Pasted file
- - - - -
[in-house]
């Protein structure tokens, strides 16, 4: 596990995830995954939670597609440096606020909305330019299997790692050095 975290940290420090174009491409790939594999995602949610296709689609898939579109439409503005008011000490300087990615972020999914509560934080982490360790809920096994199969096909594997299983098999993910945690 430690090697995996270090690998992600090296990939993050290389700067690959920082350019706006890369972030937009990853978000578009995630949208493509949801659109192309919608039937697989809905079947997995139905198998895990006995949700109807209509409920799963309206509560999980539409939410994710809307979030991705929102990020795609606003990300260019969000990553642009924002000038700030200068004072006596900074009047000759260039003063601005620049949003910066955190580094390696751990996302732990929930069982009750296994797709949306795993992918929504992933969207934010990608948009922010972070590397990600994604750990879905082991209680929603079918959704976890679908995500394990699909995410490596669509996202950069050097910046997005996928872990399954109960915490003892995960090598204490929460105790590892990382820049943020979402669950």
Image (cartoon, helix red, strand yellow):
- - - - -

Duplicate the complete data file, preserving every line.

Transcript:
[in-house]
């Protein structure tokens, strides 16, 4: 596990995830995954939670597609440096606020909305330019299997790692050095 975290940290420090174009491409790939594999995602949610296709689609898939579109439409503005008011000490300087990615972020999914509560934080982490360790809920096994199969096909594997299983098999993910945690 430690090697995996270090690998992600090296990939993050290389700067690959920082350019706006890369972030937009990853978000578009995630949208493509949801659109192309919608039937697989809905079947997995139905198998895990006995949700109807209509409920799963309206509560999980539409939410994710809307979030991705929102990020795609606003990300260019969000990553642009924002000038700030200068004072006596900074009047000759260039003063601005620049949003910066955190580094390696751990996302732990929930069982009750296994797709949306795993992918929504992933969207934010990608948009922010972070590397990600994604750990879905082991209680929603079918959704976890679908995500394990699909995410490596669509996202950069050097910046997005996928872990399954109960915490003892995960090598204490929460105790590892990382820049943020979402669950």
Image (cartoon, helix red, strand yellow):